For example, her use of the spider is not a sign of arachnophobia (terror of spiders), but a sign of the enveloping and diligent mother. In much the same manner, sewing needles are not represented as aggressive instruments but symbols of magic to signify the restoration of losses. And home is depicted not as a refuge, but as an enclosure where one is in danger of losing oneself.

These objects thus recover magical properties connected to personal experiences well known since childhood. Childhood, in the artist’s words, “has never lost its magic, it has never lost its mystery, and it has never lost its drama”.

In fact, Louise Bourgeois describes herself as a woman without secrets. For her, sculpture is an instrument of exorcism, a place to work through traumatic childhood experiences.

In 1982 the artist formulated this principle in her artist’s project for Artforum called “Child Abuse” where she says, “Everyday you have to abandon your past or accept it and then if you cannot accept it you become a sculptor.”

In this project, she disclosed the secret of her life — a tale that reads like a melodramatic novel. Louise Bourgeois grew up triangulated between an adoring but ill mother and an authoritarian father whose mistress of ten years was also Louise’s governess. The complex relationship with her father, in which the duality of love and hate were manifested, resulted in a lifelong ambivalence to authority.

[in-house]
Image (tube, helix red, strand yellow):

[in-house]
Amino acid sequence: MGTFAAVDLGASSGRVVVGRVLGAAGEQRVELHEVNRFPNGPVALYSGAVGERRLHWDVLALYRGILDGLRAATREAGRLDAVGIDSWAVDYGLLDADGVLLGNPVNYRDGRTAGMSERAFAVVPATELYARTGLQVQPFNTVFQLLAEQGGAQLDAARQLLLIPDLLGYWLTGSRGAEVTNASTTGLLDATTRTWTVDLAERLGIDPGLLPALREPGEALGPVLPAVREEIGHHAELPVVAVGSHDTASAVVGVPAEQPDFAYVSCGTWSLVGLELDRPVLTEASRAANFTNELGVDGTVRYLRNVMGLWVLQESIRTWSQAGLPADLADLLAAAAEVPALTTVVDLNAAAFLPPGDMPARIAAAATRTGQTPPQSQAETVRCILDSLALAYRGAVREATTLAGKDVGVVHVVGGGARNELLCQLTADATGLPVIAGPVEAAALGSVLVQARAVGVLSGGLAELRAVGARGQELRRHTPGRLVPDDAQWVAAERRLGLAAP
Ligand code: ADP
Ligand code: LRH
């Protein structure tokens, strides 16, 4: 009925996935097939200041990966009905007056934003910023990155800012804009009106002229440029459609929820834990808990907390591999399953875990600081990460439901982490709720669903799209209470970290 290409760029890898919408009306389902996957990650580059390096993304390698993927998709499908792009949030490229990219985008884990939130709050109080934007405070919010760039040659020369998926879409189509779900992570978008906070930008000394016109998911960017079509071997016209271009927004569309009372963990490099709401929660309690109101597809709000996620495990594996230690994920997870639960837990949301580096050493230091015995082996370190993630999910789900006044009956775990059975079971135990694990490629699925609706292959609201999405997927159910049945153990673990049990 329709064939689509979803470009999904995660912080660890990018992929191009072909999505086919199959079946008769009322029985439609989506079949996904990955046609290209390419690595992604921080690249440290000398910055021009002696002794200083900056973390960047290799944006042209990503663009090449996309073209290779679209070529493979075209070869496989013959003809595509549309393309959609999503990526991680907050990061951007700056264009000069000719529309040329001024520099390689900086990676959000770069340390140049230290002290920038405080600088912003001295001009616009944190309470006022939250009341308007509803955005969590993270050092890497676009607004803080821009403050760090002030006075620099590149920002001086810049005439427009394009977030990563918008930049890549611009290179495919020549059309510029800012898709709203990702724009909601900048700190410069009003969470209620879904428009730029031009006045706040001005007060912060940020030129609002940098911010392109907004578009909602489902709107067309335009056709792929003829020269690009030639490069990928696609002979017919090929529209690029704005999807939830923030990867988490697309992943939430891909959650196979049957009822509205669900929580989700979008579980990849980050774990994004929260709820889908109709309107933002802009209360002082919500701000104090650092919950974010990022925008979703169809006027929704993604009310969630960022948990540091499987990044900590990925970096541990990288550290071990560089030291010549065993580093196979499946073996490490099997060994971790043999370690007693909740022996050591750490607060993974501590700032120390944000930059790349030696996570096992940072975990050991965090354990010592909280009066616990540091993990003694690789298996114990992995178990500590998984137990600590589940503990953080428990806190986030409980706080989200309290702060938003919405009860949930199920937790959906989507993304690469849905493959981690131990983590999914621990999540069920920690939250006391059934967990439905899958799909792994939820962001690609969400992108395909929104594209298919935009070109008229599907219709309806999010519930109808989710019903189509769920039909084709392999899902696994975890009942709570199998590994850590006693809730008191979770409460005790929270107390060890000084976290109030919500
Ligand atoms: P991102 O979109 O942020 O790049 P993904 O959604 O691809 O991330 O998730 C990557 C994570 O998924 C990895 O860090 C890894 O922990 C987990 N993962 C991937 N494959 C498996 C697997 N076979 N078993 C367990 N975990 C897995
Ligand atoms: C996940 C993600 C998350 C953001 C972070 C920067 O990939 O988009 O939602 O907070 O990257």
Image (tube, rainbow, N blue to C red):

Within this context it is no coincidence that her creative work is metaphorically compared to the space of memory. It can be said that Bourgeois’ drawings, prints, and sculptures constitute a unique theatre of memory. Each work is related to one or another important event in her life on the principle of free association. Memories therefore play a leading, not auxiliary, role.

The full article can be downloaded here.

Olesya Turkina is a critic and curator (her projects include Russian Pavilion at the 48th Venice Biennial (1999) and Senior Research Fellow in the Department of Contemporary Art in the Russian museum, St. Petersburg. She is contributor to Flash Art International, Kabinet journal (St.Petersburg) and Moscow Art Magazine. She is Editor of on-line journal on Contemporary Russian Art and Member of the Russian Space Federation. During several years she is working on the series of films “The Chain of Flowers” with The Museum of Jurassic Technology (Los Angeles).